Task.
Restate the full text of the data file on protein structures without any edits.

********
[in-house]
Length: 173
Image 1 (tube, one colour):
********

[in-house]
Length: 173
Image 1 (tube, one colour):